Empty Letter of 18.03.2002, the original owner sent a letter to the complainant and refused to implement the said development agreement. The complainant responded to this letter on 4.04.2002 with protest and refusal. In addition, the applicant asked the respondent to give her the power to obtain sanction for CMC`s urban planning plans. (ii) the applicant has a vital interest in the performance of the contract and the interest is so high that compensation in funds for non-compliance with the contract does not constitute an adequate discharge; and (d) a contract whose performance involves the performance of an uninterrupted obligation that the court cannot control. This hon`ble Apex Court decision eliminated the anomaly that persists in the interpretation of Section 14(3)c of the Specific Relief Act of 1963. He reiterated the right of developers to file a lawsuit for the specific implementation of an agreement. The special benefit is a fair remedy in contract law whereby a court makes an order requiring a party to perform a particular act, for example. B for the full execution of the contract. It is generally available in the sale of land rights, but otherwise it is not widely available if the damage is an appropriate alternative. A specific service is almost never available for human services contracts, although benefits can also be provided by the threat of legal action. This is due to the fact that the developer is the plaintiff and the lawsuit is against the owner, strictly enforced, clause (iii) would require that the defendant received possession under the agreement. Therefore, if, in such a situation, the developer sues for concrete benefit against an owner in possession of the land under a legitimate property, it cannot be ruled out that the defendant acquired the land by way of agreement. In addition, prior to the granting of the remedy, the commercial court must consider a defined benefit, to what extent the damage suffered by the promoter was caused and whether there is sufficient financial compensation to compensate for the losses incurred by the alleged violation by the owner.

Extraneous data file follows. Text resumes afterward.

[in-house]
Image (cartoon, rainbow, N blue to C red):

It is apparent from the facts of this case that the applicant`s alleged damages can be quantified. As a result, the applicant did not meet the condition of section 14, paragraph 3, point c) of the Specific Relief Act of 1963. In addition, the three conditions for the granting, by this decision, of a specific implementation of a construction contract are well defined. The dispute agreement is attributed to the fact that the original owner approached the complainant to build a building on the aforementioned land.